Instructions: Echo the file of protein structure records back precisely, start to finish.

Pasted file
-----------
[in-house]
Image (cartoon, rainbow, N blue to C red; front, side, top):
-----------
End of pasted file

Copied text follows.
[in-house]
Image (cartoon, rainbow, N blue to C red; front, side, top):